We got interviewed in August, 2008 and this is a reprint of our interview from Sierra Sportsmen which is no longer in publication.

Kevin Paulson is the President and CEO of Huntinglife.com, an online resource for hunters, and we discuss with Kevin the intersection of hunting and the web-world.

Having grown up in a Forest Service family, Kevin began his time in the woods at a very young age on the back of his father being packed up the mountains on fly fishing trips in the Tahoe National Forest. Over the last 37 years Kevin has hunted as far north as Saskatchewan, owned an outfitting business, chased and guided elk hunters in Idaho, and now is the President and CEO of HuntingLife.com.

What is HuntingLife.com?

HuntingLife.com is the community for pursuing your passions of hunting, conservation and a well-lived life. Our site contains conservation news, hunting news, hunting stories, photo galleries, an online forum and an outfitter directory. We are working hard to provide best in class conservation and hunting news as well as product reviews for equipment that is best in class equipment for the average sportsman. Our goal in starting this site was to educate and spread the news of what hunters are doing for conservation and to teach as many as will listen about the North American Conservation Model.

HuntingLife.com is a free site for users and is funded completely through advertising. Ten percent of our gross revenue is donated to conservation organizations to be earmarked for habitat purchases and protection, habitat improvement and education of our youth in the traditions of fair chase hunting.

A website for hunters might seem counter-intuitive – hunting is an outside activity, and the stereotype of a hunter isn’t a guy hunkered over his computer! Why did you start it?

Hunters today are no different than anyone else. They are using technology to help them gain an edge while in the field. I don’t believe for a second that all hunters are using the internet but a vast majority of hunters are looking for great educational material, hunting tips and a place to share their passion with others. HuntingLife.com allows them to share that knowledge whether that is through our photo gallery or on our forums.

I spent two years as an outfitter in Idaho and Montana and during that time we donated 10 percent of our revenue to conservation organizations. As an outfitter we had a strong website and a blog where we educated hunters about elk, mule deer and bear hunting and what equipment we felt was necessary to a successful hunter with our operation. The majority of our clients came to our operation because of the internet (close to 85%) and I really enjoyed the process of writing and journaling the projects that I was working on. Within five days of selling my share in the outfitting business, I purchased Huntinglife.com and began the process of building this national resource into the site it is today. We have a come a long way and we have a long way to go and we are enjoying the process.

Do you think more hunters are using online, web tools to explore their interests?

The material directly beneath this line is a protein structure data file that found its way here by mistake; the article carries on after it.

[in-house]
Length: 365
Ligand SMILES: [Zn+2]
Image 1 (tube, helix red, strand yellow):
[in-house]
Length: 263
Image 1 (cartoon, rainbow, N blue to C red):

Absolutely! Hunters should be using sites like HuntingLife.com to learn about conservation, gain hunting tips, share pictures, network with other hunters, learn about great equipment and seek out great outfitters to plan those trips of a lifetime to hunt in locations they have dreamed about their whole life. As well, hunters should be using non-hunting sites to assist them in the process of gaining the most information they can about the species they are hunting. An educated hunter is often a more successful hunter.

As a hunter one of my favorite tools on the internet is Google’s map function. When I am heading out to farm to hunt or into the mountains, I want to learn as much as I can about the terrain and vegetation that I am going to be hunting. Being able to look at aerial photos of the farm land that I am going to be hunting helps me to be more prepared and to create generalized plans about the places where I would like to place stand and blind locations in order to have the most success. As well this year, I am working hard to gain more knowledge about waterfowl hunting. In the past 20 years I have only been waterfowl hunting less then a half a dozen times and the internet provides me with the resources to learn and ask questions of hunters who share that knowledge. The internet is not going to be a replacement for getting out there and gaining practical knowledge and scouting in the field but it can help you to gain knowledge to make your time in the field that much more productive.

Why is hunting important?

Hunting has been a part of our lives since the birth of man. Hunting grows our appreciation for the land and our wildlife and teaches a deep respect for the animals that we ingest into our bodies as nourishment. Hunters also are the strongest proponents of conservation and act as protectors and stewards of our wildlife populations. I could write books about this subject and there are far superior minds who are far better writers attacking this subject each and every day. Some of my favorite essays on why we hunt are shared on the Conservation Force website.